We can't ask him what is wrong so it requires detective work. Try to figure out what is the common denominator each time he misbehaves...the same weather (windy and loud), the same saddle, the same time of day (close to feeding time), the same issue with arena setup with scary objects, etc.
This is not spoiling a horse. This is understanding that this horse is an individual, unique from every other horse. I believe it is much better to understand a horse's motivations rather than just pushing them through everything. Pushing them will get you through today. But if you do this a few times and a horse has legitimate reasons for his behavior (pain, fright, confusion over what you are asking) then he will start to believe that you will not listen to him.
From what I have experienced this creates horses that either begin to speak louder in hopes of being heard by making their behavior more drastic (rearing, bucking, etc.), or else become dull, or else begin to quickly throw out behaviors in hopes that this is what you are looking for so they avoid punishment. I've been on horses that have been trained that if you say "jump" they say "how high." When you ask gently to "stop" they will slam on the brakes. When you lightly ask them to turn they will throw themselves in that direction, even if it means hitting another horse. Loud people create loud horses.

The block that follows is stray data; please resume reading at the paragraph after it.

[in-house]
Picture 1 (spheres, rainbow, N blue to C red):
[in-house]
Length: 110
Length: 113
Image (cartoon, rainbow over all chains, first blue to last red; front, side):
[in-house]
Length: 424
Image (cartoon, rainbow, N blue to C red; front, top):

I believe in this quote: "If your horse doesn't do what you say, he either doesn't understand the question or else you are asking the wrong question." Except I believe there is one more component to this which is the horse saying "I can't because ____." So we have to listen to horses too and not just order them around.
Say a horse refuses to go forward through a narrow space. You can either sit on the horse and spin and rear and back while he refuses, or else you can ask him three times and if he can't figure it out, get off and lead him through. For every horse I have tried this on, the horse did not think he "won," but instead realized he could go through that space and was more than willing to be ridden through the next time. It's thinking of a different way to pose the question to the horse.